We believe that the concept of pre-training without natural images can simplify large-scale DB construction, and that models pre-trained on formula-driven images can be effective. The advantage of using a formula-driven image dataset comprised of automatically generated image patterns and labels is that it enables us to efficiently solve some of the current issues surrounding using a CNN, namely, large-scale image database construction without human annotation and image downloading. Fundamentally, construction of the dataset does not rely on any natural images (e.g. ImageNet Deng et al. 2008 or Places Zhou et al. 2017) or closely resembling synthetic images (e.g., SURREAL Varol et al. 2017). The present paper makes the following contributions.

Fig. 2
figure 2

Proposed pre-training without natural images based on fractals, which represent natural phenomena existing in the real world (Formula-driven Supervised Learning). We automatically generate a large-scale labeled image dataset based on an iterated function system (IFS)

The concept of pre-training without natural images provides a method by which to automatically generate a large-scale image dataset complete with image patterns and their labels. In order to construct such a database, through exploratory research, we experimentally disclose ways to automatically generate categories using fractals. In what follows, two sets of randomly searched fractal databases are generated in the following manner: FractalDB-1k/10k, which consists of 1000/10,000 categories (see Fig. 1 for all FractalDB-1k categories). See Fig. 2a for Formula-driven Supervised Learning from categories of FractalDB-1k. Regarding the proposed database, the FractalDB pre-trained model outperforms some models pre-trained by human annotated datasets (see Table 8 for details). Furthermore, Fig. 2b shows that FractalDB pre-training accelerated the convergence speed, which was much better than training from scratch and similar to ImageNet pre-training.

2 Related Work

2.1 Pre-Training on Large-Scale Datasets

A number of large-scale datasets have been made publically available for exploring how to extract image representations. ImageNet (Deng et al. 2008), which consists of more than 14 million images, is the most widely-used dataset for pre-training networks. Because it comprises images of 20k natural object categories, the obtained image representation is often effective for various visual recognition tasks in the real world. COCO (Lin et al. 2014) and OpenImages (Krasin et al. 2017) provide a large number of images with ground-truth bounding boxes for object detection and segmentation masks for instance segmentation. In terms of scene recognition, Places (Zhou et al. 2017) provides more than 10 million images comprising 434 scene categories such as “restaurant”, “dining hall”, and “forest”. To capture human actions, video datasets such as Kinetics (Kay et al. 2017) and Moments-in-Time (Monfort et al. 2019) often improve image and video representations. These datasets have contributed to improving the accuracy of DNNs. Some in-house datasets, e.g., JFT-300M (Sun et al. 2017) and IG-3.5B (Mahajan et al. 2018), are known to be useful for further improving pre-training performance. Historically, in terms of multiple evaluation metrics, pre-training on ImageNet has been proved to be one of the most promising and reasonable approaches. This is because image representations can be adapted to each target task by applying transfer learning techniques (Donahue et al. 2014; Huh et al. 2016; Kornblith et al. 2019) including simple fine-tuning.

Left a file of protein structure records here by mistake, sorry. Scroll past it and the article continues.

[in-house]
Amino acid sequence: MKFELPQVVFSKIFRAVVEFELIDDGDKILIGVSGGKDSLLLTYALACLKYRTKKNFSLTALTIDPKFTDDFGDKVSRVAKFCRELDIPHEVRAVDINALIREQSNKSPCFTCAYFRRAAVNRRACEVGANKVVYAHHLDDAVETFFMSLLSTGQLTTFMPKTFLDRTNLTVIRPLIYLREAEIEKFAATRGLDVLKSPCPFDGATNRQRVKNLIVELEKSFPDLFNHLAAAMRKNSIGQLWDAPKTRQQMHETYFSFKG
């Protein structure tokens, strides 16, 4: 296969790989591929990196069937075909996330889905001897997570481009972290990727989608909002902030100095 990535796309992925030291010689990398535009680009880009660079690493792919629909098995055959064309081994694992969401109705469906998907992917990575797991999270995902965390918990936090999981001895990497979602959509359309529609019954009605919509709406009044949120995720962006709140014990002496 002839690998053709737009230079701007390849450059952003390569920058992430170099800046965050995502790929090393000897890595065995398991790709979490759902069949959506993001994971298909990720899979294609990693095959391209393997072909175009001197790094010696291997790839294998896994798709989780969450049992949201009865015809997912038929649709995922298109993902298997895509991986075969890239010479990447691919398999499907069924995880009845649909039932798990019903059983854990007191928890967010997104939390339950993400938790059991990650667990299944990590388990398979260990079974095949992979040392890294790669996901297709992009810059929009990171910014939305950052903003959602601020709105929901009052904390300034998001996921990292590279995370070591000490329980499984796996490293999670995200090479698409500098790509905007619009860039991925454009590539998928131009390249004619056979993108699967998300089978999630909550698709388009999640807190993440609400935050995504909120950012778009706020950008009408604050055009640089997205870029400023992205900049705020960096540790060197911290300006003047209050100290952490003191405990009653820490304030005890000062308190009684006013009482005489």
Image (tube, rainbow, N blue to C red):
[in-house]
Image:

2.2 Learning Frameworks

Supervised learning with manually and precisely annotated images is currently the most promising framework for obtaining strong image representations, and thus reducing the annotation cost is an important research topic. Recently, the research community has been considering how to decrease the volume of labeled data required for training. Example approaches include weakly-supervised learning, semi-supervised learning, unsupervised learning, and self-supervised learning. Among these approaches, self-supervised learning has attracted significant attention due to its performance in terms of both accuracy and cost efficiency. The idea is to configure a simple but suitable task, called a pre-text task (Doersch et al. 2015; Noroozi and Favaro 2016; Noroozi et al. 2018; Zhang et al. 2016; Noroozi et al. 2017; Gidaris et al. 2018), in which networks learn to predict obvious labels on unlabeled images. For example, relative positions and/or rotations of image patches are used as obvious labels in some conventional methods such as jigsaw puzzle (Noroozi and Favaro 2016), image rotation (Gidaris et al. 2018), and colorization (Zhang et al. 2016). They are far from being a fully suitable alternative to human annotation, but the idea has proven to be effective for learning representations. More recent approaches including DeepCluster (Caron et al. 2018), MoCo (He et al. 2020), and SimCLR (Chen et al. 2020) are closer to the performance pre-trained by human-annotated datasets like ImageNet. More recent studies discussed SSL with single images (Asano et al. 2020) and self-labeling (Asano et al. 2020); therefore, we believe that the pre-training (pre-text task in SSL) can be done without any natural images. In addition to the self-generated labels that SSL creates, our training on FDSL enables the automatic rendering of training images based on a mathematical formula.

2.3 Network Architectures